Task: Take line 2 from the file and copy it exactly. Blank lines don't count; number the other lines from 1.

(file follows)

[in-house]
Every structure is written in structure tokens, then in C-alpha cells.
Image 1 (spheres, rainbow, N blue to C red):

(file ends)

Every structure is written in structure tokens, then in C-alpha cells.